The Beatles are also targeted by a scientist who seeks to rule the world with the ring. Help! is obviously more absurd and reliant on British humor. The movie is filled with slapstick gags and comedic on-screen texts. Each song feels more like it’s own music video since the Fab Four travel from London to the Austrian Alps and the Bahamas. Such new songs include the titular “Help!” and “Ticket to Ride.” Although it doesn’t quite compare to A Hard Day’s Night, Help! needed no help being a fun adventure for the band.

Help!

The Beatles go skiing

And I’ve Been Working Like a Dog

A Hard Day’s Night capitalizes on the immense success of The Beatles. Beatlemania was at an all time high in the mid 60’s. Paul McCartney, John Lennon, George Harrison, and Ringo Starr are all part of the most popular band that ever lived. The title was suppose to be either The Beatles or Beatlemania before Starr came up with A Hard Day’s Night. Of course I’m a Beatles fan, but I’ll admit I always assumed the movie was named after an existing song. Turns out Lennon wrote the song in one night.

A Hard Day’s Night is a very low budget black & white mockumentary directed by Richard Lester and starring the real life Fab Four. The movie is basically a day in the life of The Beatles as they deal with screaming fans and explore London leading up to an important television appearance. Paul is joined by his troublesome grandfather played by Wilfrid Brambell, Ringo leaves the band temporarily, John is a smart-aleck, and George is there too. The boys from Liverpool are natural actors who play off their chemistry with one another.

There isn’t much of a plot, but the movie was still nominated for Best Original Screenplay. Along with Best Score, since music is the true star of the movie. We hear hits like the titular “A Hard Day’s Night,” “Can’t Buy Me Love,” and “She Loves You.” A Hard Day’s Night was a highly influential precursor to music videos. Each song is like its own music video with jump cuts and other commercial techniques. A Hard Day’s Night is one of the greatest rock musicals ever made.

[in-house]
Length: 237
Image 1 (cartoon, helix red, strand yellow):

A Hard Day's Night

The Beatles run from their fans

You Ain’t Nothin’ But a Hound Dog!

Elvis has re-entered the building. The undisputed King of Rock and Roll will forever be Elvis Presley. His impact on music and pop culture is so legendary that a proper big screen musical biopic was inevitable. Sure there were TV movies and shows, but never what you’d call an event movie. After The Great Gatsby in 2013, Elvis was immediately announced as director Baz Luhrmann’s next project. Though it was nearly a decade before he could fully realize it. I’m an Elvis fan like everybody else, so I was excited to see it on the big screen. Elvis is just as flashy and stylish like only Luhrmann can accomplish. Unlike most biopics, Elvis feels like a comic book movie that emphasises every important piece of Presley’s life.

Modeling himself after Captain Marvel Jr, inspiration from black Gospel artists on Memphis Beale Street, his controversial hip movements, liberating effect on girls, military service, meeting Priscilla Presley, his acting career, Vegas, love of guns, and eventual weight gain are all covered. Although most of the attention is given to Elvis Presley’s relationship with shifty manager Colonel Tom Parker. A lot of the movie is told from his perspective as an unreliable narrator. Casting Tom Hanks as the mysterious Dutch snowman was a perfect full circle moment since Forrest Gump is the one who inspired Elvis. You can tell Hanks was included for star power, but the movie truly belongs to Austin Butler. I’ve been familiar with Butler for years since I grew up seeing him in Nickelodeon shows like Ned’s Declassified, iCarly, and Zoey 101. I always love when an unsuspecting actor gives a career-making performance.